UN Security Council likely to approve Iran sanctions Saturday: diplomats
UNITED NATIONS, Dec 22 (AFP) Dec 23, 2006
The Security Council will likely approve Saturday a slightly amended European draft resolution mandating UN nuclear-related sanctions on Iran, diplomats said late Friday.
"We have decided to meet for a vote tomorrow (Saturday) at 11:00 am (1600 GMT)" on a new, slightly amended draft resolution put forward by European sponsors, France's UN Ambassador Jean-Marc de La Sabliere told reporters after consultations of the 15-nation Security Council.
"We will take action tomorrow at 11:00 am," Qatar's UN envoy Nasser Abdelaziz al-Nasser, who chairs the council for December, confirmed. He added the vote would follow last-minute consultations among council members.
A Western diplomat close to the talks, who spoke on condition of anonymity, said the latest draft resolution would be endorsed overwhelmingly and possibly unanimously.
China's UN Ambassador Wang Guangya told reporters that he planned to consult with his government before the vote.
The vote will take place exactly two months after Britain, France and Germany first introduced a sanctions draft resolution following Iran's failure to comply with an August 31 council deadline to halt its sensitive nuclear fuel work.
The European draft has been amended several times as Russia and China, which have close economic and energy ties with Tehran, deemed it too tough and likely to irk the Iranians while Washington sought a tougher text.
Russia pressed for a one-day delay in a previously planned Friday vote on the text sanctioning Iran for pursuing uranium enrichment.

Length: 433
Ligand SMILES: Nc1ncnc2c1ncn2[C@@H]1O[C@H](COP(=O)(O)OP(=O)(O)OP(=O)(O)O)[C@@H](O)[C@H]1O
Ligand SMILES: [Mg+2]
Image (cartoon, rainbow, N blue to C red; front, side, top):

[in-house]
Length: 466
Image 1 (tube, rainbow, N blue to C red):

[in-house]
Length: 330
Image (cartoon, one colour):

The changes agreed late Friday among the six major powers trying to scale down Iran's nuclear ambitions -- Britain, China, France, Germany, Russia and the United States -- were purely cosmetic, raising questions as to why the Russians wanted to postpone the vote.
The Western diplomat said Russian President Vladimir Putin insisted on seeing the final text before Saturday's vote.
The draft resolution calls for a ban on trade with Iran in goods related to its nuclear and ballistic missile programs.
An annex to the draft lists persons and entities involved in proliferation-sensitive nuclear and missile programs that will be subjected to financial restrictions.
To overcome Russian objections, the sponsors Wednesday watered down a proposal for a travel ban on 12 officials directly linked to Iran's nuclear and ballistic missile programs and also listed in the annex.
The text warns that if Tehran refuses to comply with demands that it halt sensitive nuclear fuel work, the Security Council "shall adopt further appropriate measures under Article 41 of Chapter Seven" of the UN charter, a reference to non-military sanctions.
Western countries want to impose sanctions on Iran over its refusal to suspend uranium enrichment activities which they fear would help Tehran develop nuclear weapons.
Iran says its nuclear program is strictly peaceful and aimed at providing electricity for a growing population.
Thursday Iranian President Mahmoud Ahmadinejad vowed that nothing would stop Iran from pushing ahead with its nuclear program.
"The bullying powers today, in confronting Iran's peaceful nuclear technology, are faced with a sea of courageous people," Ahmadinejad said in a speech.
A senior cleric in Iran echoed that defiance Friday.
"We should tell foreign enemies that this is the Iranian nation; whether you adopt a resolution or whatever hostile act, ... our people will withstand it," senior cleric Ayatollah Ahmad Janati said in a Friday prayer sermon in Tehran carried live on state radio.
"If they were only a little bit reasonable, they would come forward for negotiations. This would be in their own interest. They should come and sign economic and cultural contracts with the Iranian people and the Islamic government," added Janati, head of the powerful legislative watchdog the Guardians Council.All rights reserved. © 2005 Agence France-Presse. Sections of the information displayed on this page (dispatches, photographs, logos) are protected by intellectual property rights owned by Agence France-Presse. As a consequence, you may not copy, reproduce, modify, transmit, publish, display or in any way commercially exploit any of the content of this section without the prior written consent of Agence France-Presse.